In Business Model, Internet Access, Mobile

At the moment, the primary revenue opportunity for mobile operators in India is adding more subscribers for mobile data. Eventually, that segment will saturate, as it has in other markets such as Japan.

Before that happens, India’s mobile operators will have begun a shift to greater reliance on apps and services, something Reliance Jio already has adopted as part of its core strategy for Long Term Evolution.

NTT Docomo earns 15 percent of its revenues from non-traditional sources, the largest proportion of any telco worldwide, and largely earned from various “Smart Life” apps and services.

Revenues from Docomo Smart Life businesses, which provide consumers with advice, information, security, cloud storage and other lifestyle services, grew 22 percent to 421 billion yen (US$3.5 billion) in the year ending March 2015.

Those initiatives are important because Docomo has seen its revenue from telecom services decline every year since 2006, making Docomo a key test of how a mobile service provider can create brand new revenue streams to displace declining legacy revenues.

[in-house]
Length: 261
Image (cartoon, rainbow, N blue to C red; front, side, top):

In part, that growth has been fueled by third party content providers on the “dmenu” portal.

Suppliers grew from 700 in March 2012 to 3,000 in March 2016.

Monthly users of dmarket grew to 20 million by March 2016, up from 1.5 million in March 2012.

Beyond dmarket, Docomo has also deployed other value added services including navigation, local information, NFC-based wallet and information services, credit card and carrier-billing-based payments, translation apps, health and wellness services, insurance, pet and child tracking. DOCOMO also provides an i-concierge service as well.

However one wished to describe the strategy–moving up the value chain, creating a platform or becoming an app enabler–Docomo is a pioneer for other mobile service providers also forced to explore growth strategies based on brand new services.

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